Playing With Fire (PG, 96 mins)

Director: Andy Fickman

Stars: John Cena, Keegan-Michael Key, John Leguizamo

2 stars

Most muscular action stars at one time or another take the plunge into kid-skewing comedy. Vin Diesel and Dwayne Johnson have done their time, so, with Mark Wahlberg presumably busy, wrestler John Cena has been drafted in to Playing With Fire as the chief of a group of super-macho California firefighters.

When they rescue three youngsters from a burning cabin, they’re called on to look after them until their parents or the authorities can sort out the situation. Meanwhile, in that plot development so beloved of many a hackneyed sitcom, the commander is coming to the station for an inspection, with Cena possibly in line to take over from him following his imminent retirement.

The ensuing nonsense, where manly men are flummoxed by uncontrollable moppets, harks back to the likes of Kindergarten Cop or Three Men and a Baby. In other words, it feels three decades out of date, as the bruising slapstick plays up their manliness, the better to emphasise their total inability to cope. It’s a very curious concoction, with the tone of a children's film, yet young children may struggle to be interested in the firefighting scenario.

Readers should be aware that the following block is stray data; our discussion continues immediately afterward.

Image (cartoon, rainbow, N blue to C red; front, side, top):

The result is an over the top family comedy, buzzing with the sugar-high energy of a CBBC sitcom – characters make a whizzing noise when they enter the frame, for goodness’ sake. It’s raucous, noisy and daft, very much intended for the CBBC/Nickelodeon demographic.

Most jokes are a variation on the tough guy not able to handle the brazen attitude of the kids, everything else is poop gags. You can predict that there will be fallouts, bonding, sentimentality, maybe even a fire or other perilous event to contend with before everything is settled.

Cena is no Arnie, but he has shown in the past that he can cope with this kind of stuff. But he’s better deadpan, whereas the whizz-bang nature of this asks a bit much of him. At least we’ve got the comic chops of Keegan-Michael Key to just about keep it tolerable for grown-ups, because this is basically a live action cartoon, little of it well thought out or executed, but maybe a scream if you’re 6¾.